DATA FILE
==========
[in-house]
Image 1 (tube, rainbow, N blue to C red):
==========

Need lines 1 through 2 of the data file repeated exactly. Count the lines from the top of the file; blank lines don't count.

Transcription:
[in-house]
Image 1 (tube, rainbow, N blue to C red):